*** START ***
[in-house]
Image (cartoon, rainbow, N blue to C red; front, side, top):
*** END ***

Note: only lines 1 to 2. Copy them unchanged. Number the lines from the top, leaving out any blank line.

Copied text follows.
[in-house]
Image (cartoon, rainbow, N blue to C red; front, side, top):